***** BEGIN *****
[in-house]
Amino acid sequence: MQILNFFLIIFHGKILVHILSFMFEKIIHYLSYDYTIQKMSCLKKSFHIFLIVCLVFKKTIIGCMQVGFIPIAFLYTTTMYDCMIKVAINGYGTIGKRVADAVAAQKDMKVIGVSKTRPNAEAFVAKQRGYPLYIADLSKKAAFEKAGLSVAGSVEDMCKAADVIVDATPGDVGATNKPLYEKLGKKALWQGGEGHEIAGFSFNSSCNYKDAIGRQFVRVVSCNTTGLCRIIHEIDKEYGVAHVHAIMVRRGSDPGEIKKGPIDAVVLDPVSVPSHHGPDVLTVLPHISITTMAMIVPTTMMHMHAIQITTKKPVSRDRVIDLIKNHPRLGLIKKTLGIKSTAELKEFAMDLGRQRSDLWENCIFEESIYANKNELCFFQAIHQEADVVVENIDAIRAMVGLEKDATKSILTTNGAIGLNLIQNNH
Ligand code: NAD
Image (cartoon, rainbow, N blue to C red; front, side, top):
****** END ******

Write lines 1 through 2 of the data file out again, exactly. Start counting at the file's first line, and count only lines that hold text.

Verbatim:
[in-house]
Amino acid sequence: MQILNFFLIIFHGKILVHILSFMFEKIIHYLSYDYTIQKMSCLKKSFHIFLIVCLVFKKTIIGCMQVGFIPIAFLYTTTMYDCMIKVAINGYGTIGKRVADAVAAQKDMKVIGVSKTRPNAEAFVAKQRGYPLYIADLSKKAAFEKAGLSVAGSVEDMCKAADVIVDATPGDVGATNKPLYEKLGKKALWQGGEGHEIAGFSFNSSCNYKDAIGRQFVRVVSCNTTGLCRIIHEIDKEYGVAHVHAIMVRRGSDPGEIKKGPIDAVVLDPVSVPSHHGPDVLTVLPHISITTMAMIVPTTMMHMHAIQITTKKPVSRDRVIDLIKNHPRLGLIKKTLGIKSTAELKEFAMDLGRQRSDLWENCIFEESIYANKNELCFFQAIHQEADVVVENIDAIRAMVGLEKDATKSILTTNGAIGLNLIQNNH